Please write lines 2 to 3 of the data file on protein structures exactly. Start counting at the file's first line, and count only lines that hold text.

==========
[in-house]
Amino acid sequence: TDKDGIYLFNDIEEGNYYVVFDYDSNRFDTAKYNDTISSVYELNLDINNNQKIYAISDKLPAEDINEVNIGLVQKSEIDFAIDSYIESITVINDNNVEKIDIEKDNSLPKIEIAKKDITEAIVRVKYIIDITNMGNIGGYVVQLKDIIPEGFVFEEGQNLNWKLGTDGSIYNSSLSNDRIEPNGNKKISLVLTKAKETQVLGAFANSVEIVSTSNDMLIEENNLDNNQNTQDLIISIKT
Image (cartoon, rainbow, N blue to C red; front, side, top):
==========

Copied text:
Amino acid sequence: TDKDGIYLFNDIEEGNYYVVFDYDSNRFDTAKYNDTISSVYELNLDINNNQKIYAISDKLPAEDINEVNIGLVQKSEIDFAIDSYIESITVINDNNVEKIDIEKDNSLPKIEIAKKDITEAIVRVKYIIDITNMGNIGGYVVQLKDIIPEGFVFEEGQNLNWKLGTDGSIYNSSLSNDRIEPNGNKKISLVLTKAKETQVLGAFANSVEIVSTSNDMLIEENNLDNNQNTQDLIISIKT
Image (cartoon, rainbow, N blue to C red; front, side, top):